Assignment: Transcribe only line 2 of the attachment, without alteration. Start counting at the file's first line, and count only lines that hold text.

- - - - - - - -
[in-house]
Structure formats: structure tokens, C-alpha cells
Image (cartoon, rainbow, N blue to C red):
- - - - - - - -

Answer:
Structure formats: structure tokens, C-alpha cells